Moxibustion: This is an ancient therapy commonly paired with acupuncture. A warming therapy that uses a stick of carbonized mugwort to introduce warmth into acupuncture points or regions on the body. Moxibustion may also be used on the surface of the body, where a tiny thread of moxa wool is burned directly on the skin.
Cupping: Glass, bamboo, or plastic cups are used to create a vacuum and applied to the body (see image below). Cupping is either stationary or "running" (moving the cups along the skin). Cupping is useful for breaking up stagnation, helping to relieve pain, etc.
Gua Sha: Also known as dermal friction, this procedure of vigorously warming and scraping the skin with a hand held tool made of ceramic, plastic, or water buffalo horn. Gua sha is useful with the treatment of the common cold, and is a popular treatment option to release muscle adhesions which cause pain.
Bleeding: Bleeding involves puncturing the skin with a lancet and removing small amounts of blood. It is very effective in cases of blunt trauma, pain, swelling, toxic sores or insect stings, neuropathy, etc., and is commonly used with cupping.
Electroacupuncture: A small electrostimulating device is connected to acupuncture needles, and a micro-current of electricity passed through them. This technique is helpful for pain, neuropathy, fractures, stroke recovery, etc.
These treatments are commonly paired with needle acupuncture to create the right treatment for you.
What should I expect from a typical office visit?
It takes about an hour (longer for your first appointment to complete some paperwork). I will ask you detailed questions about your main complaint and your overall health history and answer any questions you might have. After the interview I will take your pulse and look at your tongue (two main diagnostic methods used in Chinese Medicine). I will devise a treatment plan and move on to the treatment, which involves the procedure(s) listed above.
You should feel relaxed and energized at the end of the treatment. Most people say that getting acupuncture gives them energy and stamina. Some have reported feeling like they have just awakened from a refreshing nap.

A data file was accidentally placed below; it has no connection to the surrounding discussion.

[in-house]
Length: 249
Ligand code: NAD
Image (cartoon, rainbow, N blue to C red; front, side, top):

What should I do on the day of my treatment?
If it is your first office call, please arrive fifteen minutes prior to your appointment to fill out a health questionnaire.
- Wear loose-fitting, comfortable clothing.
- Eat something nourishing at least two hours before your appointment.
- Refrain from drinking alcohol or performing any vigorous physical activity the day of your treatment.
- After your treatment, take ample time to relax and drink plenty of water.
About Herbal Medicine
Chinese Herbal Medicine is safe, economical, and effective.
Many people are turning to herbal medicine for their health care needs. Prescriptions are expensive; side effects can create additional health problems. That's why more people are relying on herbal therapy as the cost of drugs and insurance continue to rise. People are in search of alternatives that work, and herbal medicine works.
Herbs have a long history of use throughout the world. Chinese herbs are safe and effective. The herbs used in my practice undergo strict quality control to ensure purity and potency, and organically grown herbs are used whenever possible. Together with acupuncture, they form a powerful treatment for a variety of complaints.
Chinese herbs can help:
- boost energy and improve digestion
- reduce pain and inflammation
- regulate metabolism and endocrine systems
- speed healing post-surgery
- clear phlegm and toxic accumulations
- many other health concerns
I have a complete Chinese herbal pharmacy onsite and will prescribe the right formula for you.